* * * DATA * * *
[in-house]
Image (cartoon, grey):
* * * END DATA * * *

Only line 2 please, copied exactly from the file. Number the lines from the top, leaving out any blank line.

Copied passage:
Image (cartoon, grey):